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    (Original post by Ambrina)
    These 3 pages explain everything

    https://270dd1fec3d16900cdb57f52003e...c%20Fields.pdf
    tyvm
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    Why dont high speed roads have sharp bends?
    Also, what does this mean?
    "The direction of Electric field strength at any point is the direction of force experiened by a positive charge at that point".


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    (Original post by Wannabe007)
    Why dont high speed roads have sharp bends?


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    As F=mv^2/r, the velocity will be high and the sharp bend will have a small radius. So, the required centripetal force to maintain circular motion, will be greater than the maximum frictional force between the tyres and road of the car. So the car will slide off the road.
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    (Original post by Ambrina)
    F=kQ1Q2/r^2
    The distance b/w the two proton is r. And it is an inverse square relationship because F is propotional to 1/r^2 so F also gets squared.
    Sorry idk how to explain it. Do you understand tho?
    (Original post by Gumileva)
    R^2. That is why F=kQQ/(r^2) It is 9F
    ALo do you guys get why the time ha to be 0.125s for the calculation in 18b?
    http://qualifications.pearson.com/co...e_20130613.pdf
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    (Original post by TheBeardedGuy)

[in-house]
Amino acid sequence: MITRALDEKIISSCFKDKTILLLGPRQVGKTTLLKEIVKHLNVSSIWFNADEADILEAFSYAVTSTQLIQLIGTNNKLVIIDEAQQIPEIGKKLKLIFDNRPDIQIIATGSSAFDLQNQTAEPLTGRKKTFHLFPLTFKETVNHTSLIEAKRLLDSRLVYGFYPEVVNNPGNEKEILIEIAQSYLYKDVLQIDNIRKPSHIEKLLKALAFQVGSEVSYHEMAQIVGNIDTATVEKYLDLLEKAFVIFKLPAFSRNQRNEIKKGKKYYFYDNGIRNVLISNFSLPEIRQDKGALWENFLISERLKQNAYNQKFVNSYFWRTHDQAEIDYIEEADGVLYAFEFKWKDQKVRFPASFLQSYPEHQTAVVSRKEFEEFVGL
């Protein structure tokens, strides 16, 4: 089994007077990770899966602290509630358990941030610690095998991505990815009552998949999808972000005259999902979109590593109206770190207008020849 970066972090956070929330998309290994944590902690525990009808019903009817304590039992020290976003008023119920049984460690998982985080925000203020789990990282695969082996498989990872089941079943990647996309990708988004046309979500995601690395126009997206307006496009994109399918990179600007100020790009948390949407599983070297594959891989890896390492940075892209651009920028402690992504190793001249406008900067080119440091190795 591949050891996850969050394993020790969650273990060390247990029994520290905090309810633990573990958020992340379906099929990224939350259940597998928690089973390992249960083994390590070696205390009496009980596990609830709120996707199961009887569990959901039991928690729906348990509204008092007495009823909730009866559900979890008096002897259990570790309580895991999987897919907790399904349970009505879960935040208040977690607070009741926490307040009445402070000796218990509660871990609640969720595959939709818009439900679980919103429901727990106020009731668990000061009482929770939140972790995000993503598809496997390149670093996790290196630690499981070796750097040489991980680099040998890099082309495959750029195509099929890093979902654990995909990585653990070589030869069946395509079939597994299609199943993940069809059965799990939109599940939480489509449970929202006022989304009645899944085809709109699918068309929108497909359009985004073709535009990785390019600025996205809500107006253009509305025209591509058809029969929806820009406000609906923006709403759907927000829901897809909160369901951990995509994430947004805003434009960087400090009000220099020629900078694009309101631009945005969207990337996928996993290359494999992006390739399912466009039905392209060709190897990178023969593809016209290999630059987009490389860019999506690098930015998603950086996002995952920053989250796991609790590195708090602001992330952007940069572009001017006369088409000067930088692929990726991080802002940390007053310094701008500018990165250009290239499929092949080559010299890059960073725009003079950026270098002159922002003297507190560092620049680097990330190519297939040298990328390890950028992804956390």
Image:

As F=mv^2/r, the velocity will be high and the sharp bend will have a small radius. So, the required centripetal force to maintain circular motion, will be greater than the maximum frictional force between the tyres and road of the car. So the car will slide off the road.
    Thank you so much


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    why is it that the total momentum has to be zero when we are colliding particles?
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    (Original post by sj97)
    ALo do you guys get why the time ha to be 0.125s for the calculation in 18b?
    http://qualifications.pearson.com/co...e_20130613.pdf
    2 refs per second so 4 pi per sec then pi/2 is 1/8 s is 0.125


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    (Original post by Hectors)
    why is it that the total momentum has to be zero when we are colliding particles?
    Apparently this is the casein jan 14 IAL but then another paper it is not necessary? Edexcel can **** off with there bull****.


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    When to use KE = p²/2m vs KE = ½mv²?

    And any chance of needing protractors or compasses?
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    (Original post by physicsmaths)
    Apparently this is the casein jan 14 IAL but then another paper it is not necessary? Edexcel can **** off with there bull****.


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    yh i just did that paper and i am confused af. After today's chemistry flop i have to make up for it in physics and this paper makes like 0 sense to me
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    (Original post by Hectors)
    yh i just did that paper and i am confused af. After today's chemistry flop i have to make up for it in physics and this paper makes like 0 sense to me
    In examiners report no one got it right so I wouldn't worry the rest of the paper was easy though.


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    (Original post by jay_em)
    When to use KE = p²/2m vs KE = ½mv²?

    And any chance of needing protractors or compasses?
    Maybe, I would bring them incase. Edexcel love testing how good out equipment is,